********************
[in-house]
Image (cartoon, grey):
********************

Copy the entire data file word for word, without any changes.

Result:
[in-house]
Image (cartoon, grey):